As VVA’s chief investigator, I’ve struggled to combat this effect even within our own organization during the COVID-19 crisis. Conspiracies like the recently viral “Plandemic” video — which encourages people to act against their own health interests and aims to discredit our most important sources of real health information, such as Dr. Fauci — have been promoted by influential members of VVA on our own internal networks as an informative and important service announcement of sorts. Though social media companies have been taking down copies of the video for spreading harmful and misleading health information, it’s been viewed at least 8 millions times, and continues to be promoted by extremists on both ends of the political spectrum.

Despite Facebook using its algorithm to demote the Plandemic video, I watched as veterans from around the country and of multiple generations found themselves convinced enough by the conspiracy theory to aggressively spread it to their networks as if it were critical information. Among a host of other dangerous lies, the video discourages people from getting the influenza vaccine — which increases the likelihood that aging, health-compromised Vietnam veterans will die unnecessarily in what could be America’s “darkest winter.”

Meanwhile, it’s been nearly two weeks since the viral event yet the VA hasn’t done anything to debunk this dangerous health-related disinformation or to otherwise make veterans more resistant to falling victim to COVID-19-related scams.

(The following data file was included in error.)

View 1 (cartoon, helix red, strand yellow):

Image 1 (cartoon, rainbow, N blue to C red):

This type of disinformation campaign erodes trust in the American government and encourages health decisions that endanger us all during this pandemic, and it should not go without a full-throated rebuttal.

As Sen. Angus King, I-Maine, and Rep. Mike Gallagher, R-Wis., the co-chairmen of the Cyberspace Solarium Commission report warn, “Your entire life — your paycheck, your health care, your electricity — increasingly relies on networks of digital devices... These networks are vulnerable, if not already compromised.” Even the government’s own networks’ vulnerabilities to state-sponsored actors became clear when the Office of Personnel and Management was penetrated by Chinese hackers years ago, with the sensitive background-check information for millions of government employees and veterans being stolen for what could be ammunition for another devastating cyber attack.

Inaction from the Trump administration demands an aggressive and assertive Congress, willing to put forward prescriptive legislation that makes improvements to America’s cybersecurity inevitable. Congress must require the VA to meaningfully address the issue of cyber hygiene, to ensure that veterans have all of the tools that they need to remain safe as the Internet becomes an evermore central part of all of our lives.

Furthermore, the House and Senate should establish Select Committees on Cybersecurity to ensure attention and oversight of this important domain cannot be ignored by this or any future administration. This upcoming National Defense Authorization Act would be an appropriate vessel to implement the recommendations provided by the Cyberspace Solarium Commission’s and VVA’s reports. America can’t wait any longer

Kristofer Goldsmith is associate director for policy and government affairs for the Vietnam Veterans of America.

Editor’s note: This is an Op-Ed and as such, the opinions expressed are those of the author. If you would like to respond, or have an editorial of your own you would like to submit, please contact Military Times managing editor Howard Altman, haltman@militarytimes.com.

Correction: The status of a potential VA assistant secretary for cyber health has been updated.